Luray in Page County, Virginia — The American South (Mid-Atlantic)
A Slave Auction Block
From the Page News & Courier, August 31, 1961: “This native sandstone block . . . which stood at the corner of Main and Court Streets at the Chamber of Commerce building . . . was used as a perch for slaves about to be sold at auction . . . The stone is said to be one of the few now in existence.”
It is similar to many which existed in the South prior to the Civil War.
As a part of everyday life, black men, women and children would be displayed and examined on slave blocks and sold for the highest bid. Family groups were frequently sold apart; husbands from wives, mothers from children, etc.
This block is an historic symbol of a dark past of man’s inhumanity toward his fellow man. It is also a symbol of how far we have come in learning to respect its victims and in resolving to go forward into the future with mutual respect and understanding.
Location. 38° 39.823′ N, 78° 27.589′ W. Marker is in Luray, Virginia, in Page County. Marker is on Zerkel Street west of Campbell Street, on the right when traveling west. Click for map. Marker is next to the library. It is
Other nearby markers. At least 8 other markers are within walking distance of this marker. Massanutten School (a few steps from this marker); Mt. Carmel Baptist Church (about 300 feet away, measured in a direct line); White House Ferry (approx. 0.2 miles away); The Chapman-Ruffner House (approx. half a mile away); Cavalry Engagement (approx. half a mile away); Fisher’s Hill and Yager’s Mill (approx. half a mile away); Confederate Heroes Monument (approx. 0.6 miles away); Willow Grove Mill (approx. 0.7 miles away). Click for a list of all markers in Luray.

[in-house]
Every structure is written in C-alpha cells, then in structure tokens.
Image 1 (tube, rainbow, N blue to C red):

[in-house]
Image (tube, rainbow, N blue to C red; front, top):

Also see . . . Luray,Virginia Slave Auction Block Event. 2003 press release. (Submitted on October 4, 2006.)
Categories. • African Americans • Antebellum South, US •
Credits. This page originally submitted on , by J. J. Prats of Springfield, Virginia. This page has been viewed 4,702 times since then. Last updated on , by Christopher Busta-Peck of Shaker Heights, Ohio. Photos: 1, 2, 3. submitted on , by J. J. Prats of Springfield, Virginia. • Kevin W. was the editor who published this page. This page was last revised on June 16, 2016.